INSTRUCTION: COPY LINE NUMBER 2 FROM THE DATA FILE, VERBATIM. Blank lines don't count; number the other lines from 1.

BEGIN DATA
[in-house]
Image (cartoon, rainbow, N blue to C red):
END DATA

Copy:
Image (cartoon, rainbow, N blue to C red):